Profit from higher food prices: buy Sainsbury’s

At first glance, the latest trading update from J Sainsbury (LSE: SBRY) wasn’t so hot.

Like–for-like sales (excluding fuel) rose just 1.7% in the 11 weeks to 20th March. That was the slowest quarterly growth in turnover for five years, even if it turned out slightly better than analysts generally expected. The increase in same-store sales year-on-year was 3%.

So is this still a share worth holding? I reckon it is.

Sure, “the consumer environment will remain challenging in 2010”. That’s corporate-speak for ‘there won’t be too much spare cash around’. But that’s no great surprise – we keep spotlighting the stress that shoppers will suffer this year.

Yet we still have to eat. Food sales volumes will be the least likely area to be hit. Here the main problem is that food price inflation has disappeared for the moment. So both top line revenues and profit margins are being affected.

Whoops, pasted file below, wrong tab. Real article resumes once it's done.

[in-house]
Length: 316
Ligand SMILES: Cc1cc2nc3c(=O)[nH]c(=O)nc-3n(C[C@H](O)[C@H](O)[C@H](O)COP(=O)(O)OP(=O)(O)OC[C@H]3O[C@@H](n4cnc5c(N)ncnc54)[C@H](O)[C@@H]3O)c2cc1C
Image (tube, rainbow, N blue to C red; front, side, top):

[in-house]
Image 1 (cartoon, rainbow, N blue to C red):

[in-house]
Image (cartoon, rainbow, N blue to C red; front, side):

But that could be about to change. And as this chart shows, food prices could soon be heading up again…

Sterling exchange rate v UK food inflation
Source: Bloomberg 

The green line is year-on-year change in UK food price inflation, which is currently dropping at a rate of more than 2% as fruit and fish prices have fallen.

The red line is the ‘inverted’ external value of the pound. In other words, the more sterling falls against other currencies, the higher on the chart the red line goes.

Over time, the two have broadly moved in line with each other. That makes sense – more than 40% of the food consumed in Britain is imported. And a plummeting pound should eventually push up costs.

So the huge gap that’s now opened can only close in one of two ways.

Either sterling could bounce right back – but with the UK’s parlous public finances, that’s not really on the menu – or food price inflation will return, big style. And as the ‘lag’ effects of the pound’s latest plunge feed through, this is much more likely.

For Sainbury’s, it’s also very good news.